The London Metal Exchange this week confirmed that its holdings of Russian aluminium rose as expected in January to a total of 42 percent of the aluminium stock in its warehouses.
According to a report just released by the LME, of the 152,841 metric tons of primary aluminium in its warehouses, 93,750 metric tons had Russian smelters as its origin. Fully 94 percent of the LME’s copper holdings, or 54,950 metric tons, and 16 percent, or 42,774 metric tons, of its nickel holdings originated from the Russian Federation as well.
The LME justified its holdings as being reflective of the market’s desires.
“The LME’s conclusion (based on market feedback) that Russian metal continues to be consumed is supported by data on the outflow of Russian metal from LME warehouses.”
“The LME believes that the evolution of Russian stocks is in-line with the market trends as anticipated,” the organization continued.
The majority of Russian aluminium in LME warehouses were located in Asia, with none residing in United States warehouses, opting to avoid American warehouses “in the context of market speculation around potential U.S. tariffs on Russian aluminium.”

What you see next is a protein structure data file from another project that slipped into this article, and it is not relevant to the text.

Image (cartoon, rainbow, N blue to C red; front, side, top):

The LME’s caution is warranted according to US officials, who said that the government is considering raising import tariffs on Russian aluminium to 200 percent in a bid to pressure the Russian government out of Ukraine.
The LME weighed the idea of banning Russian aluminium from its warehouses last year due to the government’s invasion of Ukraine a year ago but ultimately opted against the move because much of the aluminium buying sector plans to continue purchasing Russian aluminium through at least this year.
Levels of Russian aluminium, copper, and nickel all rose above October totals in December, but aluminium and nickel still remained well below record high totals in the month.